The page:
Saturday, October 18, 2014

My Personal Philosophy on Self-Defense: Meaning, Purpose, and Application

Note: This is the second of two essays I wrote in preparation for my test for sam dan in Tang Soo Do Mi Guk Kwan.

“Every word of this song has enormous value and importance.
Failing to follow this song attentively, you will sigh away your time.”

When I began training in Tang Soo Do Mi Guk Kwan it was primarily as a way to challenge myself while also engaging in a constructive activity that I could share with my family.  My children had begun training with Master Nunan a couple of months earlier and I had reached a place in my life where I began to realize that I needed challenges and goals outside of my career in order to achieve more meaningful satisfaction in life. And for the first year or so of training, that is primarily the purpose training served for me. However, as time has passed and my experience and understanding of our art has grown, my perspectives on self-defense, on training in the art, and in my motivations for doing so have shifted. 

Unlike many people who begin training in martial arts, I have never really felt I needed to train in order to defend myself or learn to fight.  I am fortunate enough to have always been able to live in places that are quite safe, so my personal safety day-to-day has really never been a big concern for me.

Plus, even when I’ve found myself in situations where things may have been less secure and safe than usual, the simple fact that I am a pretty big guy who tends to have a kind of mean look on his face when he’s not smiling (talk about camouflage!) has served me well: while I understand that I am as vulnerable as anyone else to violence should someone choose to target me, I haven’t been approached in an even remotely aggressive manner by anyone in well over 30 years. So while I enjoy sparring and I appreciate the self-defense skills I’ve developed, the application of them in “real life situations” has never been a strong motivator in training for me.

Instead, as I came to truly embrace training in self-defense in general and Tang Soo Do Mi Guk Kwan in particular as a lifestyle, it was primarily from a perspective of self-discipline and self-improvement. As such, my personal philosophy on self-defense since advancing beyond the gup ranks has primarily been that self-defense is a journey we undertake to become better people, not better fighters. Our training provides us with skills that enable us to make better choices, carry ourselves through undesirable situations, and create better outcomes in life for ourselves and those we love.

So, for me self-defense is a sort of toolkit, and the purpose of our training is to improve and extend the skills we learn so that we can better apply them in our daily lives. This is one of the reasons I’ve felt that Tang Soo Do Mi Guk Kwan is such a perfect fit for me, as our organization places such a strong emphasis on martial arts as a method of building and refining the whole person, not just the martial persona.

In describing the purpose and philosophy of Tang Soo Do Mi Guk Kwan our gup manual says “its purpose is to develop every aspect of the self in order to create a mature person who totally integrates his/her intellect, body, emotions, and spirit. This integration helps to create a person who is free from inner conflict and who can deal with the outside world in a mature, intelligent, forthright, and virtuous manner.”  It is notable that the combative aspects of our art are not noted here, and in fact when perusing the gup manual you will find relatively little focus on the offensive/defensive nature of self-defense training.  Even the section that focuses on sparring is careful to note the positive reasons for engaging in sparring as an activity, the emphasis on it as a learning tool and a positive experience that consists of an exchange of energy between partners, not a fight or a competition.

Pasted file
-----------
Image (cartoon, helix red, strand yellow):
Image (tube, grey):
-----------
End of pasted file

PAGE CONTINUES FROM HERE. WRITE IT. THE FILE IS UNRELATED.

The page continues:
I feel this is a natural extension of the Song of the Sip Sam Seh.  In reading it, I noticed that it really only has one line that specifically addresses combat or conflict, and even that line (“Surprising things will happen when you meet your opponent”) is fairly enigmatic (I’ve been surprised at how many “opponents” I’ve met turn out to be allies and/or friends over time). Rather, it says “What is the purpose and philosophy behind the martial arts? Rejuvenation and prolonging of life beyond the normal span.” Not an especially aggressive or combative tone, there.

And so, I believe that the physical and mental conditioning provided in training, and the confidence built through knowledge and experience in self-defense, are simply positioned as the foundation for the more lasting and significant goal of self-improvement. It is the other qualities we develop through the training and conditioning for battle that are the actual goal. Again, if we look to the gup manual it’s all right there in the Eight Key Concepts:. While it’s certainly possible to apply any of these concepts to a combat scenario or mindset, it is exceedingly clear that they apply to far, far more than just self-defense.

As such, I feel that the natural and intended application of our training in self-defense is primarily to finding ways in which we can incorporate it in our non-martial existence. The skills and qualities that training brings out in us are all, each and every one, applicable in nearly limitless ways in our lives outside the dojang, and the ultimate responsibility we need to accept as martial artists is to find ways to apply those skills to all aspects of our lives.  As we train our bodies and our minds, and as we approach this training with the intent of truly embracing the life-changing impact it can have, we develop skills and abilities that benefit our families, our relationships, our careers … ALL aspects of our lives.

What Makes Tang Soo Do Mi Guk Kwan Unique and Different from Other Martial Arts and Styles

Note: This is the first of two essays I wrote as part of my preparation to test for sam dan in Tang Soo Do Mi Guk Kwan. It is in part adapted from a blog entry I wrote in 2009 entitled The Blessings of Tang Soo Do Mi Guk Kwan.  I find that the words I wrote then applied now, more than ever, so I used it as a starting point.

In looking at the essential characteristics of Tang Soo Do Mi Guk Kwan, and what makes it a unique art in comparison with other martial arts, I felt there were a couple of different directions to go. Clearly, there are technical aspects of our art that differentiate Tang Soo Do Mi Guk Kwan practitioners from practitioners of other arts , or even of other styles of Tang Soo Do.